par Ignacio DE LA TORRE & Rafael MORA
This book envisages an analysis of the lithic collections from several sites Mary Leakey excavated between 1960 and 1963 in Bed I and II at Olduvai (Tanzania), currently stored at the National Museum of Nairobi (Kenya) and previously published in a classic monograph (Leakey 1971).
Nonetheless, we have conceived this study from a standpoint that relates more to aspects concerning technical production than to the typological issues that governed Leakey’s approximation. Furthermore, the Olduvai collections will be contemplated from a contextual prism, bearing in mind a constant concern in reconstructing the processes that formed the archaeological record, aiming to understand the differences or similarities that appear between the different assemblages. This monograph focuses on the analysis of lithic materials. We assume blood cannot be squeezed from stones, paraphrasing the title of one of the articles by Isaac (1977b). Yet, we can reconstruct part of the puzzle concerning human evolution by understanding the technological guidelines and technical patterns in use during the transformation processes, which are, in short, telling of the hominids´ behaviour. A meticulous analysis of the lithic objects can provide valuable information to comprehend their technical abilities, cognitive skills and economic concerns.
Therefore, each lithic object will be studied analytically, attempting to integrate them in the corresponding stage of the chaîne opératoire.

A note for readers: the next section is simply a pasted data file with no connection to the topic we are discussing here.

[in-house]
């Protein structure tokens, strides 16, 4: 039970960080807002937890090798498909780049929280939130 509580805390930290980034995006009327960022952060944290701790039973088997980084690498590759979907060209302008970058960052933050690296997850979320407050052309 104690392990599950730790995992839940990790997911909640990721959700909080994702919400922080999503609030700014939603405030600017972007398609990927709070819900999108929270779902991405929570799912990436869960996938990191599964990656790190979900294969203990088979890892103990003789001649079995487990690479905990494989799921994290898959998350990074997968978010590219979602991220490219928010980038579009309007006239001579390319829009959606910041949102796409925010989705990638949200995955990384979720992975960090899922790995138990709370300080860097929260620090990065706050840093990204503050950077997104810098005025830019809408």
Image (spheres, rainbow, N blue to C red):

It is essential to keep a distance from the last works that examined the Olduvai sequence (Ludwig 1999; Kimura 1997, 1999, 2002). Therein, artefact categories stand their own ground (in a classically typological conception), and are compared in isolation throughout a chronological sequence. In contrast, we consider that it is essential to analyse each lithic element in connection with others, and each site as a whole, since each assemblage is subjected to specific, exceptional circumstances. Only upon understanding each collection after comparing the different categories it comprises, it is possible to elaborate conclusions that can subsequently be extrapolated and compared to the facts documented in other sites. This work contains constant references to the terms Oldowan and Acheulean. The Oldowan was defined precisely in Olduvai, therefore this location is the perfect setting for the justification of the term. In fact, the term Oldowan has well-defined chronological and cultural connotations, whilst Mode 1 defined by Grahame Clark (1969) has, over recent years, been used without enough precision. The same occurs with the Acheulean, which will predominate herein over the term Mode 2, and which also presents specific technological, chronological and cultural features. One of the key goals this work establishes is precisely to define the attributes that characterise the Oldowan and the Acheulean, and to attempt to understand the technological and cultural connotations this differentiation entails. Therefore it is essential that this dichotomy exists explicitly in our discourse. In the first chapter we will expound some general notions on the historiography of the Olduvai expeditions, the stratigraphy, the radiometric and paleo-ecological framework, the archaeological sequence Leakey defined, and the methodology employed in our re-examination. By doing so, we aim to create a suitable contextual framework in which to develop the technological study. As regards all other matters, the index of this work respects a diachronic structure, starting with the oldest sites in Bed I and moving through the archaeological sequence to the top of Bed II, the chronological limit for our research. After presenting a systematic description of each site in its corresponding chapter, general conclusions that summarise and present a global interpretation of the Olduvai sequence appear at the end of the monograph. Our goal is to combine a systematic study of the lithic reduction methods and chaînes opératoires, with a vaster vision that integrates these technical systems in the general framework of the land-use by hominids. We assume that the manufacturing of any stone tool is the result of a series of technical, economic, social and symbolic options that can be encompassed under the term strategies (Perlès 1992:225). From this general perspective, in this work we will attempt to understand the technological strategies used by the humans that lived in Olduvai during the Lower Pleistocene. (The authors).